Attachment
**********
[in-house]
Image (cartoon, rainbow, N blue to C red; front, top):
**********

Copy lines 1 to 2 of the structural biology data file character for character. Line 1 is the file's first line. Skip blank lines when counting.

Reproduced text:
[in-house]
Image (cartoon, rainbow, N blue to C red; front, top):